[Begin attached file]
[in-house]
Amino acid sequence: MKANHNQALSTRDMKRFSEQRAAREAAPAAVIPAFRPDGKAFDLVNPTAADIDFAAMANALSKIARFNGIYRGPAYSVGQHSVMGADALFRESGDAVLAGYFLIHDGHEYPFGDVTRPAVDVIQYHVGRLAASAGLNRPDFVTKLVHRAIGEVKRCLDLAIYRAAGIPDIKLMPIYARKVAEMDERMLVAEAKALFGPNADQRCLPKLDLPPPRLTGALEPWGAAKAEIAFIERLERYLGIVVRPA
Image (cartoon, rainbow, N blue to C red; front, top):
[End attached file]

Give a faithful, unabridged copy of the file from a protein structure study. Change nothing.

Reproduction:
[in-house]
Amino acid sequence: MKANHNQALSTRDMKRFSEQRAAREAAPAAVIPAFRPDGKAFDLVNPTAADIDFAAMANALSKIARFNGIYRGPAYSVGQHSVMGADALFRESGDAVLAGYFLIHDGHEYPFGDVTRPAVDVIQYHVGRLAASAGLNRPDFVTKLVHRAIGEVKRCLDLAIYRAAGIPDIKLMPIYARKVAEMDERMLVAEAKALFGPNADQRCLPKLDLPPPRLTGALEPWGAAKAEIAFIERLERYLGIVVRPA
Image (cartoon, rainbow, N blue to C red; front, top):